|Index||9 reviews in total|
I got tickets to the premiere at Sundance and must confess I wasn't
that excited about going to this movie. I thought it was going to be
It turns out that was pretty unfair. It's a great movie; you begin to really relate to the people and their struggles with their autistic son. The parents are absolutely saints; I have no idea how they coped for as long as they did. The backdrop of Mongolia is beautiful; and all the while, you're hoping for a miracle without letting those hopes get too far up.
Definitely worth seeing.
This is an excellent documentary with a message about the need for
diversity in which an autistic boy with a love of animals is the main
A young couple and their autistic four year old boy Rowan take a pilgrimage to a sacred lake at the heart of the great Mongolian Plain where tradition has it, shamans still practice ancient healing rituals that may help heal their son of his autism. Rowan seems keen enough, but are they barking up the wrong tree?
As we take the journey with them so we start to understand what the boy's parents are really up against. Who are they and why are they making such a public show of their autistic son? Do they have something important to say to justify their family adventure? The answer is yes.
Their energy, determination and openness throughout the whole film is spoken to a friendly and compassionate camera and having previously documented the plight of the Bushmen, Rowan's father is clearly going to be in his element. But is it just another documentary for him?
Rowan's father is clearly on familiar territory as a journalist having previously visited remote tribes and other remote parts of the world, but here he is completely unable to walk away from the subject matter like any other a job; here his hands are tied. Why are we doing it? How will it end? Are we crazy subjecting ourselves and our son to such(public) expectations? We share their doubt.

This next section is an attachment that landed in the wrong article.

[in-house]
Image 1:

For me the wild landscape of the high Mongolian Plain captured perfectly the wilderness and inner vulnerability of dealing with autism in the modern world. From start to finish one wonders where will it end and marvels at how Rowan's parents cope. Amazing stamina but sustained by true love and compassion.
The films greatest strength is its vulnerability; for this is no easy fiction. A film which could so easily have fallen into the modern day pit of an obsession for awkward personal exposure resounds with love where personal revelation reaches far wider and may touch you as much as it did me.
Well paced and nicely edited this is a motion picture about autism that had to be made and has to be seen, that puts the vital worth back into autism as part of the greater diversity of our expansive human soul.
As one who was already pretty knowledgeable about autism and familiar
with Mongolian shamanism, I found these pictures extremely interesting.